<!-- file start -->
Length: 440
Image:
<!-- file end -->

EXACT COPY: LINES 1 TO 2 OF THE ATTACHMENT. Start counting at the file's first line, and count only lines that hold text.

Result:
Length: 440
Image: